REVIEW: "In Time"
Most near-future sci-fi films hinge on a single, core concept. They take a mundane aspect of our daily lives and expand on it until a dystopia is created. Andrew Niccol’s In Time does this with time itself: the movie imagines what the world would be like if we stopped aging at 25 and had to work to put more time on our biological clocks. Time becomes a currency, spent like money and hoarded by the rich so they stay alive forever.
The problem with In Time, though, is that it takes this concept and squeezes it until it becomes a parody of itself. The time-as-currency idea devolves into fuel for lame puns, resulting in a film that wastes its runtime rather than spending it wisely.
The main character, Will Salas (Justin Timberlake) is a man who decides to fight the system. He grew up in one of the country’s ghettoes, where people live day to day and struggle with a constantly rising cost of living. Everyone has a digital counter on their arms like a glowing tattoo, which tells them how much time they have left; if the clock runs out, they drop dead.
Will meets a man named Henry Hamilton (Matt Bomer), who has more than 100 years on his clock, making him a rich (and old) man. Will unintentionally persuades Hamilton to give him all the time on his clock, so that Hamilton can finally die. Will then decides to steal more time from the rich and give it to the poor in his neighbourhood, implicating the daughter of a super-rich banker in his scheme to be a futuristic Robin Hood.
The idea is kind of cool in abstract. The stakes are theoretically much higher for these people, who are constantly spending their life savings just by being alive. Unfortunately, In Time loses track of how it wants to approach this concept. One minute, Will Salas is living the high life, spending his time willy-nilly, and the next he’s a crusader for the poor. He spends and saves time on a whim, and it’s easy to get lost in how many times Salas goes from having huge amounts of time to being within a few seconds of his life.
The script doesn’t help the situation by being crammed with “time puns”: “You’re out of time!”, “I’m going to clean your clock!” and “There’s just not enough time!”. Perhaps the wordplay was inescapable - even I’ve found it hard to avoid the double-entendres in writing this review – but in the movie it goes beyond groan-inducing and just gets stupid.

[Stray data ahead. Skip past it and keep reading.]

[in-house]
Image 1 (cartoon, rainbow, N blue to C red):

Timberlake’s character Salas is your routine heroic type who magically has hand-to-hand combat and marksmanship training. He isn’t much of a redeemable character: he’s supposed to be a noble thief redistributing the wealth, but has no qualms indiscriminately killing people. Timberlake’s performance in the role only occasionally hits the right notes, and too often he just feels wooden, especially in an early scene when he reacts to another character’s sudden death.
Amanda Seyfried plays the banker’s daughter he kidnaps and supposedly falls in love with. The character, Sylvia Weis, is reduced to a split-personality naïf with an apparent case of Stockholm syndrome. She falls in love with Salas far too easily and acquires a disturbing taste for causing mayhem. Her only noticeable skill is running very long distances in three-inch heels.
As for the villains, In Time tasks Vincent Kartheiser with delivering a one-dimensional version of his Peter Campbell character from Mad Men. Cillian Murphy plays a Timekeeper, or pseudo-cop, who chases after Will and Sylvia out of a sense of justice that he at first denies and later defends. What’s worse is we never get a sense that Will and Sylvia are outwitting these people, because they don’t seem very powerful or clever to begin with.
What really baffled me was the lack of any pseudo-scientific explanation behind the genetic modification these characters are born with. I’m not saying I expect it to be possible, but I’d like some background about how this technology came about, and why the characters need these countdown clocks. Why didn’t the scientists just forget about the clocks and make everyone immortal? Did they vote on it? Without this simple exposition, In Time only feels more insubstantial than it already is.
This is writer/director/producer Andrew Niccol’s fourth film as director, and judging from his writing for the excellent The Truman Show and the interesting concept behind Lord of War, it’s a bit confusing that In Time would be so disappointing. Maybe this movie needed more time to "age" before being made, as with Christopher Nolan’s Inception.
Whatever the reason, In Time isn’t even a movie you can enjoy by turning off your brain. In fact, you need some brain power just to wade through the contradictory story and uninspiring dialogue. In Time gets one and a half stars out of four.
Have you seen In Time? What did you think? Did the movie frustrate you, or were you able to have fun with all those “time” jokes? Join the conversation in the comments below! If you’re new to Professionally Incoherent, please browse through my recent movie reviews: